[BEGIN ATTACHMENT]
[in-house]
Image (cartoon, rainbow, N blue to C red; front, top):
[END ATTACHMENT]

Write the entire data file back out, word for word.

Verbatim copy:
[in-house]
Image (cartoon, rainbow, N blue to C red; front, top):